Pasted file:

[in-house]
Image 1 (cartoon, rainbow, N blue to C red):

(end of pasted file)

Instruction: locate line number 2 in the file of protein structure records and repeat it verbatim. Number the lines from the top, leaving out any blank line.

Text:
Image 1 (cartoon, rainbow, N blue to C red):